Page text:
Jessica Brown reports:
Some local students may have their school year extended thanks to an early deluge of winter weather this year.
Schools in Southwest Ohio and Northern Kentucky have already canceled classes several times this school year due to ill-timed snowfalls or sub-zero temperatures. The latest round of closures came Monday as arctic temperatures hampered bus transportation, iced over parking lots and posed a frostbite danger for kids waiting at bus stops or walking to school.
A repeat is expected on Tuesday. A few districts decided Monday afternoon to remain closed as forecasts predicted temperatures would continue to hover in negative territory.
The closures this school year have come earlier and more often than normal, superintendents say. Some districts are already planning for summer makeup days.
“This is the first year in all of my career that we’ve had two snow days prior to Christmas, and I’ve always said if we have school closed … before Christmas we will be going to school in the summer,” said Clermont Northeastern schools Superintendent Ralph Shell.
On Monday the district used its third of five allotted “calamity” days because of cold weather and icy roads, Shell said.
Ohio and Kentucky handle snow days differently. In Ohio, the state allows schools to cancel up to five days due to severe weather or other emergency situations without requiring makeup days. These are called “calamity” days and are often made up during spring break or in the summer.
In Kentucky, school districts decide how to make up canceled classes, which are calculated based on hours instead of days. Most tack the hours on into the summer.
Another deciding factor in the closure was the district’s diesel school buses.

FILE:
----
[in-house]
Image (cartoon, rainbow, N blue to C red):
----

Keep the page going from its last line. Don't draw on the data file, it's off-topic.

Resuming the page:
“We do not have plug-ins for our buses to keep them warm, and according to (Environmental Protection Agency) rules we aren’t allowed to idle buses to keep them warm,” Shell said.
“Even if kids jump from mom and dad’s car into the bus they are going to be cold until the bus heats up.”
The district can shorten its school calendar to avoid additional days in the summer by conducting a public hearing – but that’s not something Shell wants to think about.
“That’s way down the pipeline,” Shell said. “In this particular situation we are operating on ‘let’s get through this one day at a time.’”
Several other Ohio school districts, including Little Miami, Milford and Loveland,said if they use up all their allotted snow days, they’ll extend the year further into the summer.
The Little Miami school district in Warren County has only one left as of Monday, whereas for the past three years it used few snow days or none. The Milford district was in the same boat Monday with only one snow day left.
“I think the only time we were close to this was when the hurricane came in and we had a lot of days off about five or six years ago,” said Milford Superintendent Bob Farrell.
Loveland used its third snow day Monday.
The region’s largest school district, Cincinnati Public Schools, will make up snow days this summer if needed. But that would be extremely rare for the district of 33,000 students. So far, it’s used only two snow days.
Monday was the fourth day Campbell County canceled school for weather, compared to three cancellations all of last year. It will start making up days May 22. The last day of school was initially scheduled to be May 21.